NPM: Of Queens and Marigolds

We bought four small marigolds 

Yellow heads held proudly high

Regal splashes of rich color

To stand as sentinels at our door

Before we could plant them

Some creature snuck up

And chewed through the stem of 

the tallest, fullest bloom

Its golden crown toppled

Death by guillotine or squirrel

Instead of throwing it away

I brought the flower inside

And put it in a cup of water

It floats there now

Reborn as a water lily

Vibrant as ever

While its stripped greenery remains outside

Soaking up the sun and

Working up the strength 

To send forth another golden bloom

A monarch returned from exile

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NPM: Stage of Life

Our hostas haven’t sprouted yet 

They lie dormant beneath the topsoil

But the neighbor’s hostas

Are poking their tender green heads

Up from their cool, dark slumber

In fact, all around the block

I see them growing

And feel affronted

How dare they?

I crouch down along the row of dirt

Where last year’s hostas flourished

Running my fingers through the mulch

Searching with fingertips for a sign of life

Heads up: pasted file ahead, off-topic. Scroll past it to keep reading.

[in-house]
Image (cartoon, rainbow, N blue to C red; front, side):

I find nothing but dry soil

And the memory of verdant summers past

Perhaps mine are just late bloomers

Perhaps they are just slow starters

Waiting in stasis for life to begin

Or perhaps I am waiting in vain

For a resurrection that will never come

NPWM Day 26: Fresh-Cut Flowers

I filled my home with flowers

Bouquets upon bouquets

In every vase I could find

and some make-shift vases as well

Gorgeous gladiolas

in crimson, yellow, white

Hydrangeas overflowing their vases

like clouds, like rising bread

A dozen white roses

holding their secrets close

beckoning you to lean in

and breathe in their mysteries

Bright gerber daisies, joyous

and forthright

I never have fresh flowers

I don’t buy them for myself

But they were going to be thrown out

so I took them by the armful

More than I could ever need

and arranged them, not so skillfully

And for one afternoon,

I was swathed in scent

of lilies and roses and snap-dragons

But like a cut-flower

it didn’t last.

I’m going out of town in the morning

and so I laid out a large plastic sheet

on the floor of my living room

and collected every carefully-cut flower

every arranged blossom

and laid them reverently in a pile.

It felt like laying them on the pyre.

I wrapped them all together in

the smothering plastic

Bundled them tightly

crushing their fragrant, unsullied petals

and threw them in the dumpster.

Is it strange to grieve their

untimely passing?  The waste

of their pristine beauty?

The selfishness of one 

brief afternoon filled with 

fresh-cut flowers?